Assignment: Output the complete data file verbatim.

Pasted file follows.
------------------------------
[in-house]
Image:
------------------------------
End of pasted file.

[in-house]
Image: